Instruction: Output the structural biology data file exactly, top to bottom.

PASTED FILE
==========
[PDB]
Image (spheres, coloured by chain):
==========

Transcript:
[PDB]
Image (spheres, coloured by chain):